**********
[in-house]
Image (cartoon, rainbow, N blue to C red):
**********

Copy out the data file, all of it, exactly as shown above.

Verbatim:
[in-house]
Image (cartoon, rainbow, N blue to C red):